In the 60s the government ran concentration camps for homosexuals, people that wanted to leave Cuba or were not in accordance with the government. At present any physician that requests permission to leave the island is punished for 5 years before the government grants the permission, some people never get a permission to leave. Some people leave and are never allowed to go back, even if they leave their family behind.
In the 90s there was an epidemic disease whose main cause was malnutrition, it affected thousands of Cubans. The Minister of Health Care was demoted when he called international physicians to investigate the cause and it turned out to be under-nourishment.
There are about 1 million of Cubans in the exile, maybe more, disperse all over the world, political prisoners, missing people that drawn in the Florida strait, trying to scape political prosecution and misery, that should tell you something...
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Format: Paperback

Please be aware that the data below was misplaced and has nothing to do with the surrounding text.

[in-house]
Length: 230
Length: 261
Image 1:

Fair warning, I am the "longtime friend" of the translator (42 years) but I'm not letting that bias my review. Up til now, most of what I read was programming code for the translation site hemosoido.com so this is the first time I'm really reading Yoani's story and I am engrossed.

It's a comprehensive view of life in Cuba - from the international to the most intimate of daily activities. For those who are anti-socialist, and are lauding this book as a blow to the Castro regime, I think they are projecting their own feeling because that is not what Yoani wrote.

What it leaves the objective reader thinking, is that there is much corruption and lack of accountability with the Cuban governmental entities and this, in turn, makes day to day life for the average Cuban a real challenge. As does the economic blockade.

Yoani doesn't talk about international policy so much as about the EFFECTS of that policy - chronic shortages of essential items...as trivial as tampons (not that this is trivial when you flat out can't get them) to food and a roof over one's head (the actual roof, that is - not the building).

The story is fascinating, the writing flows and it is hard to put down. The unspoken part of this story is what a courageous woman Yoani is.

The book leaves you inspired.
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Format: Paperback